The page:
A Short History of Byzantium by John Julius Norwich
By John Julius Norwich
During this magisterial edition of his epic three-volume historical past of Byzantium, John Julius Norwich chronicles the world's longest-lived Christian empire. starting with Constantine the nice, who in a.d. 330 made Christianity the faith of his realm after which transferred its capital to town that might undergo his identify, Norwich follows the process 11 centuries of Byzantine statecraft and war, politics and theology, manners and art.
In the pages of a quick background of Byzantium we come upon mystics and philosophers, eunuchs and barbarians, and rulers of wonderful erudition, piety, and degeneracy. We input the lifetime of an empire that may create many of the world's so much transcendent non secular paintings after which break it within the convulsions of fanaticism. Stylishly written and overflowing with drama, pathos, and wit, here's a matchless account of a misplaced civilization and its incredible cultural legacy.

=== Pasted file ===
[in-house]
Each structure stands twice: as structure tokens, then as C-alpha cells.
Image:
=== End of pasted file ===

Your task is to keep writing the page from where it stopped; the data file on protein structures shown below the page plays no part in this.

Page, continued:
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But it is the nature of these conﬂicts, not their number, that tells us the most about the political culture of the colonial Andes. For popular uprisings were far from being isolated or spontaneous outbursts of violence; they were part and parcel of large patterns of political action. To begin with, native communities conceived their demands in terms of general rights, since their grievances usually stemmed not from particularly abusive individuals, but from state policies and broad socioeconomic trends.
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